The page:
The earlier recordings from this band are more of a band effort, but through loss of their rhythm section became only three players on keyboards, recorder, guitars, and vocals with their newest release Twisted. The impression I get from this CD is an acoustic, folky style of neo-prog. Sure enough, when visiting the Tea For Two website, they have described themselves as “Art Folk Progressive Rock.” I think that is an apt description.
The disc opens with “Spanish Night,” which through use of flamenco-style guitar validates its name, although the frequent use of the recorder on this song and throughout the album gives it a Celtic feel as well. This is the most extensive use of the recorder instrument that I’ve heard in a prog release and find it very interesting and unusual.
Several instrumentals also appear on this disc. The first is “Soundscapes” which reminds of Anthony Phillips as it trades instrumentation between acoustic guitar and piano. It picks up about halfway into the song by introducing electric instruments, alternating motifs with the guitar and keyboards. I find it to be a very strong piece. “Last Drink” is a solo grand piano song that strongly recalls George Winston’s better works. “Why?” is slow and deliberate, also reminding me slightly of Anthony Phillips’ earlier albums.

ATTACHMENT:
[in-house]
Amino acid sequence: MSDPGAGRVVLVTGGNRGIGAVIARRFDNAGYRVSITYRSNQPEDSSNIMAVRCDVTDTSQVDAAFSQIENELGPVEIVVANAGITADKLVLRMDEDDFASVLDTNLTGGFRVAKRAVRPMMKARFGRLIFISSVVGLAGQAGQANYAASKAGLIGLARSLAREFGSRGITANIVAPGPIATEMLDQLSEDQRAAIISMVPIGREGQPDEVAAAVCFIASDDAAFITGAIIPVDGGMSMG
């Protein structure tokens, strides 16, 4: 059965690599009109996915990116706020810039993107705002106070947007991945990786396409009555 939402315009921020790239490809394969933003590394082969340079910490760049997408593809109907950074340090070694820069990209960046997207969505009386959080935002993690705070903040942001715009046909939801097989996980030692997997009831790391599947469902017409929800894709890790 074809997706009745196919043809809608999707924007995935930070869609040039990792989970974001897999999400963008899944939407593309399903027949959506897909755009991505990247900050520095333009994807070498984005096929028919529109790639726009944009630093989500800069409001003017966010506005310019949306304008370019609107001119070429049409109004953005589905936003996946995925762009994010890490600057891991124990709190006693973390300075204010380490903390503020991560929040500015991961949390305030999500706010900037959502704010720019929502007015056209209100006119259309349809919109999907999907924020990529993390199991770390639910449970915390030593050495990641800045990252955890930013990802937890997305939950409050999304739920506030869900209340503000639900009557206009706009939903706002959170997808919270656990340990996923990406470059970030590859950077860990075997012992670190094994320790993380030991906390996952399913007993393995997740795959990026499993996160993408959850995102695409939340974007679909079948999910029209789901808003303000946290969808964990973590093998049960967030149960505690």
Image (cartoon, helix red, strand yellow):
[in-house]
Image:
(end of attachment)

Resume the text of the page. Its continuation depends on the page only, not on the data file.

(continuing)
The vocal tunes all have tuneful melodies and track about four or five minutes with the exception of the last cut, “Come What May” that’s over 7 minutes. Some stand out songs include “Out In the Sun” that alternates the Celtic sound with Focus-style guitar, “My Own Way” that builds nicely to a dynamic finish and a memorable chorus, and the aforementioned “Spanish Night.” All songs on this CD are worth mentioning as making a strong impression on the listener however.
This release by Tea For Two is progressive rock with very simple, basic roots. It’s very much steeped in the folk tradition with catchy motifs and great instrumentation. This is acoustic art-rock reminiscent of some of the quieter works by Mostly Autumn, Pendragon, and others previously mentioned. Recommended.
Reviewed by Terry Jackson on May 12th, 2007